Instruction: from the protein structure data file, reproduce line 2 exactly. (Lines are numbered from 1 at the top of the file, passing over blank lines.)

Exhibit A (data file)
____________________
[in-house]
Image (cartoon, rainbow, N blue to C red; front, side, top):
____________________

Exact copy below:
Image (cartoon, rainbow, N blue to C red; front, side, top):